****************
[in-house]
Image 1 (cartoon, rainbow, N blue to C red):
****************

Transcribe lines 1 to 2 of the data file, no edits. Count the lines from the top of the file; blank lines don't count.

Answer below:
[in-house]
Image 1 (cartoon, rainbow, N blue to C red):